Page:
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New Left Review I/193, May-June 1992

Sabina Lovibond

Feminism and Pragmatism: A Reply to Richard Rorty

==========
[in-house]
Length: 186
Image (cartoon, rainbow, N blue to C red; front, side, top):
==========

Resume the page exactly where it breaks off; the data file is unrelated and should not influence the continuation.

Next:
In a recent Tanner Lecture delivered at the University of Michigan, [1] Richard Rorty, ‘Feminism and Pragmatism’, Michigan Quarterly Review, vol. xxx, no. 2, Spring 1991, pp. 231–58 (hereafter ‘fp’), to which page references will be made; reprinted in Radical Philosophy 59, Autumn 1991. Richard Rorty responds to some comments of mine about the significance of his work for feminism. [2] Sabina Lovibond, ‘Feminism and Postmodernism’, nlr 178, November–December 1989, pp. 5–28. He reports that he was ‘a bit startled’ to find himself identified in my discussion—along with Jean-François Lyotard and Alasdair MacIntyre—as a representative of philosophical ‘postmodernism’, but concedes with regard to these writers that he ‘recognize[s] the similarities between our positions which lead Lovibond to group us together’. [3] fp, p. 253 n. 18. At a fairly early stage in his lecture Rorty confirms that ‘on all the crucial philosophical issues, [he is] on the side of Lovibond’s postmodernist opponents’; [4] fp, p. 237. the remainder of his text explains why, and seeks to show in detail how ‘pragmatist philosophy [that is, Rorty’s own brand of it] might be useful to feminist politics’. [5] fp, p. 234.

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